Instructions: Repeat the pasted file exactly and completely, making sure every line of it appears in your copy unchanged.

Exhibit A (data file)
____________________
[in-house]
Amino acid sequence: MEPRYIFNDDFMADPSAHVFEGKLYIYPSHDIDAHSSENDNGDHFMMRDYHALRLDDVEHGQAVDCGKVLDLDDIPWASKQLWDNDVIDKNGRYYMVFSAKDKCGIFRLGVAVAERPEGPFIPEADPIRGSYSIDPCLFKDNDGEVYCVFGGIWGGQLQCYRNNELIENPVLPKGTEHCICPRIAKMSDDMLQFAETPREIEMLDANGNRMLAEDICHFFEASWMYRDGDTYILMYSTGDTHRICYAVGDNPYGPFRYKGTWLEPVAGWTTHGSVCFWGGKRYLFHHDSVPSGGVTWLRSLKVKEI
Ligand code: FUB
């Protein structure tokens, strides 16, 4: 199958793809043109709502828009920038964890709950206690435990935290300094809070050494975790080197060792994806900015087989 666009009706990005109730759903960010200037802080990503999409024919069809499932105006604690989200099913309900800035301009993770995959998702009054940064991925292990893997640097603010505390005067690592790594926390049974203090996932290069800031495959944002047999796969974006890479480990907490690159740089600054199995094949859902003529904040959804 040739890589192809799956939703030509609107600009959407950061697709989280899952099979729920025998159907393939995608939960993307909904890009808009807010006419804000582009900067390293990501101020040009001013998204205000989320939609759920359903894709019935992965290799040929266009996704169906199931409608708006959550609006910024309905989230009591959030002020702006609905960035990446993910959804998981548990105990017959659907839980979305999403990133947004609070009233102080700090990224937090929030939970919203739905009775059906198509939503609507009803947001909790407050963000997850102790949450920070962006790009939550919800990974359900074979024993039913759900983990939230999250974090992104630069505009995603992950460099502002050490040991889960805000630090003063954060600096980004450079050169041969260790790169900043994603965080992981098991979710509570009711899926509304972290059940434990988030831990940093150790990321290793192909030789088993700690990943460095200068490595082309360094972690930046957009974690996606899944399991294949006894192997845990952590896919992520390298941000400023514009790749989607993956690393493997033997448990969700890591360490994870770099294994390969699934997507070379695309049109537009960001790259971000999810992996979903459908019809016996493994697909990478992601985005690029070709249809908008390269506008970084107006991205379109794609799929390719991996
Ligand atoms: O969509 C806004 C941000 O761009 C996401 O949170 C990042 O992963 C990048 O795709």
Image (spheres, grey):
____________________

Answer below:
[in-house]
Amino acid sequence: MEPRYIFNDDFMADPSAHVFEGKLYIYPSHDIDAHSSENDNGDHFMMRDYHALRLDDVEHGQAVDCGKVLDLDDIPWASKQLWDNDVIDKNGRYYMVFSAKDKCGIFRLGVAVAERPEGPFIPEADPIRGSYSIDPCLFKDNDGEVYCVFGGIWGGQLQCYRNNELIENPVLPKGTEHCICPRIAKMSDDMLQFAETPREIEMLDANGNRMLAEDICHFFEASWMYRDGDTYILMYSTGDTHRICYAVGDNPYGPFRYKGTWLEPVAGWTTHGSVCFWGGKRYLFHHDSVPSGGVTWLRSLKVKEI
Ligand code: FUB
């Protein structure tokens, strides 16, 4: 199958793809043109709502828009920038964890709950206690435990935290300094809070050494975790080197060792994806900015087989 666009009706990005109730759903960010200037802080990503999409024919069809499932105006604690989200099913309900800035301009993770995959998702009054940064991925292990893997640097603010505390005067690592790594926390049974203090996932290069800031495959944002047999796969974006890479480990907490690159740089600054199995094949859902003529904040959804 040739890589192809799956939703030509609107600009959407950061697709989280899952099979729920025998159907393939995608939960993307909904890009808009807010006419804000582009900067390293990501101020040009001013998204205000989320939609759920359903894709019935992965290799040929266009996704169906199931409608708006959550609006910024309905989230009591959030002020702006609905960035990446993910959804998981548990105990017959659907839980979305999403990133947004609070009233102080700090990224937090929030939970919203739905009775059906198509939503609507009803947001909790407050963000997850102790949450920070962006790009939550919800990974359900074979024993039913759900983990939230999250974090992104630069505009995603992950460099502002050490040991889960805000630090003063954060600096980004450079050169041969260790790169900043994603965080992981098991979710509570009711899926509304972290059940434990988030831990940093150790990321290793192909030789088993700690990943460095200068490595082309360094972690930046957009974690996606899944399991294949006894192997845990952590896919992520390298941000400023514009790749989607993956690393493997033997448990969700890591360490994870770099294994390969699934997507070379695309049109537009960001790259971000999810992996979903459908019809016996493994697909990478992601985005690029070709249809908008390269506008970084107006991205379109794609799929390719991996
Ligand atoms: O969509 C806004 C941000 O761009 C996401 O949170 C990042 O992963 C990048 O795709």
Image (spheres, grey):